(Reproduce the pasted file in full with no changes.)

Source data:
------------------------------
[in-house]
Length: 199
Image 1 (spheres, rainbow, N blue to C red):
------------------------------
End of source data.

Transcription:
[in-house]
Length: 199
Image 1 (spheres, rainbow, N blue to C red):